Nigerian-born Seun Adedeji is the founder and CEO of the Elev8cannabis brand, making him the youngest black man to own a cannabis dispensary in America.
The legalization of cannabis in the U.S. has created a multibillion-dollar industry. Following the legalization of cannabis in the 30 states for recreational or medical use, it has been predicted that the industry will be worth more than $43 billion within a decade.
With more than 20,000 businesses and 165,000 employees, African Americans are at the risk of losing out.
Currently, the legal weed business in the U.S. is an $11 billion industry, but less than a fifth of marijuana business owners identify as racial minorities, including the 4.3 percent who are black.
The road to becoming the youngest black man in America to own a pot dispensary hasn’t been easy for Adedeji. He opened his first shop in Eugene, Oregon, at the age of 23.
“It was one of the hardest things I’ve ever done in my life; I was uncomfortable, but that discomfort leads to my personal and spiritual growth,” Adedeji told VoyageDallas.
An immigrant who moved to the U.S. at the tender age of three and DAC Act Dreamer, Adedeji grew up on the Southside of Chicago, spending his teen years in Texas.
Adedeji was 21 when he began flirting with the idea of becoming a potpreneur, but didn’t believe he could, stagnating his vision in the process by convincing himself that he “didn’t have enough capital.”
Bent on venturing into the multibillion-dollar legal cannabis industry, Adedeji moved to Oregon in 2016 to actualize his ideas. He was with only $50,000, a collection of his personal savings and investments from longtime friends, he told Merry Jane.
Adedeji was on a mission, a mission to become one of the first African Americans to own and operate a retail cannabis dispensary.
He was just 23 in 2017 when he founded Elev8cannabis with its first pot shop opened in Eugene.
Adedeji told VoyageDallas: “I started reading more about emerging markets and the cannabis industry kept popping up. My goal has always been to create generational wealth for my family, so I saw the cannabis industry as a great way to do just that. Whites own 80% of cannabis business, African Americans are 4x more likely to be arrested for marijuana possession, even though we consume cannabis at a lower average rate than whites.”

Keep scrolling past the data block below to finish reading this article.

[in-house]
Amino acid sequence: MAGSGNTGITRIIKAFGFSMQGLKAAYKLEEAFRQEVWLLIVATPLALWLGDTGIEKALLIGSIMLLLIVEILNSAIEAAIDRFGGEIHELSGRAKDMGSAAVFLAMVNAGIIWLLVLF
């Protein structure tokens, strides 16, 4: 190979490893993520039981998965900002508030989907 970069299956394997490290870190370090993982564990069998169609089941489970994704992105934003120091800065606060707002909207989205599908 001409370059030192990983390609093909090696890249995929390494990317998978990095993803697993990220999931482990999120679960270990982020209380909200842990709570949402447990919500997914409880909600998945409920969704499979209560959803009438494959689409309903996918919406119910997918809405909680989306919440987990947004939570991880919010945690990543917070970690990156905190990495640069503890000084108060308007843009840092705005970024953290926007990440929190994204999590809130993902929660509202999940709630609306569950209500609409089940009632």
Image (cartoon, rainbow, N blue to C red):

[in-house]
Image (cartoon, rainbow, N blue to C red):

“In the legal, booming cannabis industry right now, there is less than 1% of African Americas that own a cannabis business. Statistics show that African Americans own only 4.3% of business in the marijuana industry, when you dive into that statistic it means the majority of African-Americans involved in the cannabis industry do not control their shares, their business, and they are sharing control of their company resulting in only 1% of African-Americans truly owning their business,” he added.
Adedeji was a brilliant kid, but grew up in a lousy environment, leading him to make a couple of bad decisions when he was younger. He sold candy and gum in school, developing his entrepreneurial abilities in the process.
“Because of my family structure, which wasn’t whole, I had a different mindset about life. I thought that you had to figure out life by yourself, through any means necessary. I saw a lot of poverty, hatred, backstabbing, and people telling me their version of what’s right and how to be successful without any track record proving how their own advice had benefited them,” said Adedeji.
According to him, if one wants to be great, he or she should find someone that’s great and make them his or her mentor.
“The definition of insanity is doing the same thing over and expecting a different result. As an African- American man, I see what systemic oppression has done to the growth of my people, and I am here to help us in any way I can. I will advocate for more Black and Latino involvement in the cannabis industry and demonstrate that we are much more than our circumstances.,” he said.